There has been cycle racing almost as long as there have been bicycles. In the beginning bicycles were handmade and were expensive, cycling and cycle racing was initially a sport for wealthy young men. However, in the late 1800s the safety bicycle was invented, and soon mass production lowered the price, and made the bicycle available to the working classes.
Prior to the invention of the bicycle the working man could only travel as far as he could walk, he had no form of personal transport. The bicycle set the working man free, to travel and seek work outside his immediate area. It also set him free to travel outside the cities and into the surrounding countryside at the weekends.
All over Europe cycling and cycle racing became the sport of choice among the working classes. Cycle races were held on Sundays, after all working people had to work the rest of the week, which included Saturdays back in the late 1800s and early 1900s, Sunday was for many their only day off.
Cyclists wore black, and especially black shorts, both out of respect, and so as not to offend those who attended church on Sundays. This tradition later became a rule of the Union Cycliste Internationale (UCI) which is the world governing body for the sport of cycle racing.
For 100 years, racing cyclist both amateur and professional wore black shorts. It was both a rule and a tradition. Sometime in the 1980s that changed when the UCI allowed professional racing cyclists to wear different color shorts. This came about because professional teams are now often financed by multiple sponsors, and there was a need for more room for advertising on both the jersey and shorts.
Also technology and the modern fabrics that cycling clothing is now made from, lends itself to the printing of graphics and sponsors logos. In the old days jerseys were made of wool and the sponsor’s name was embroidered on.
So what does the casual cyclist wear for a non racing weekend ride. Many cycling clubs have their own matching jerseys and shorts, styled after the pro’s kit with the club sponsors name and logo. For others there a still plenty of plain black shorts that is still a good choice as it can be worn with practically any color top.
One interesting alternative is produced by Solo, a company from New Zealand that now has a worldwide distribution network in place. Solo produces very high quality “Retro” style cycling jerseys that are designed after the style of those worn by the Professional cyclists of the 1950s through the 1970s. The jerseys are not replica jerseys, and do not represent actual teams of yester-year; but rather are unique designs inspired by retro jerseys.
Solo jerseys are a high quality garment and the price reflects this. Although the design is retro, the fabric is modern with the same easy care and sweat wicking qualities of any modern cycling jersey. The colors and designs are screen printed on, which makes them permanent and non fade.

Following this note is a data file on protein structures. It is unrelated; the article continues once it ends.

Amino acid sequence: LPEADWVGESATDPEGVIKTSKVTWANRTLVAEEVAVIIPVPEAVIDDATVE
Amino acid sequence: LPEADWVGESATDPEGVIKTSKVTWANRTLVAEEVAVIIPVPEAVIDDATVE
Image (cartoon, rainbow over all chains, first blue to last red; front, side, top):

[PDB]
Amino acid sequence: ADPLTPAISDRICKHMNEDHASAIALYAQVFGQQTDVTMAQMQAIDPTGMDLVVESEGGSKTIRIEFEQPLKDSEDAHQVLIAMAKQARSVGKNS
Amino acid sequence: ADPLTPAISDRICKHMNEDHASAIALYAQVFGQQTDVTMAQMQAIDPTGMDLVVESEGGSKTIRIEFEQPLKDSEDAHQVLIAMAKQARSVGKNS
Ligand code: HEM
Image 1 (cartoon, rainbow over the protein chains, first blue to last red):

Knitted collars and cuffs are a nice retro touch, and the jerseys have three rear pockets as is standard with most cycling jerseys, plus they have an extra zippered pocket for keys, money, etc. There is an elastic gripper strip sewn around the inside bottom edge of the jersey, that stops it riding up, and supports a load if the pockets a filled with food and tools for a long trip.
The 1950s to 1970s was an era when pro cyclists often had a single sponsor. Sponsors names had to be embroidered on, and designs created by sewing different color fabric together. The results were simple, but powerful designs which demonstrated less is more. Solo have done a fine job of capturing the feel of these designs. And of course the jerseys look best when worn with black shorts because that was what the pros wore back in the day.
Footnote: A poor man's sport
I recently wrote the above article as a product review for Answers.com. I reposted it here because I thought you might find the history of black shorts interesting, as well as helping the good people at Solo who are supporters of this blog.
A few weeks back when I wrote another article, I mentioned the slump in bicycle sales in the late 1950s and the 1960s due to working class people buying cars for the first time. One reader could not understand why that would affect sales of racing bikes.
Cycling, and cycle racing in the UK and the rest of Europe in the 1950s and before, was not like it is today. And it was nothing like the cycling scene as it is in the US today. Low income working class people rode bicycles as transport, it was how they got to work each day. A few raced on Sundays, but it was more a social thing, than a fitness thing like today.
Many owned one bike that they put mudguards on and rode to work on it all week.
On a Sunday they would ride to a race, (In the UK that would be a time-trial.) carrying their best wheels with tubular tires. (Picture left.)
The mudguards would be removed, best wheels would go in and they would race.
After the event the mudguards went back on, etc., and they would ride home. Many did no further training, other than ride to work and everywhere else.
Middle class people with a higher income, owned and drove motors cars, they did not exercise, or belong to Cycling Clubs. When the income of the working classes improved, they also bought motor cars and didn’t exercise, so they gave up cycling and cycle racing.
For many Cycling was never seen as exercise, it was what people did out of necessity. Joining a Cycling Club and racing on the weekends was a social outlet. Racing was easy because people were naturally fit.
It wasn’t until the US fitness craze of the 1970s, that sparked a second bicycle boom. Today, racing bicycle equipment is high tech and super expensive, low income people do not buy it. Cycle racing is no longer a poor man’s sport, and never will be again.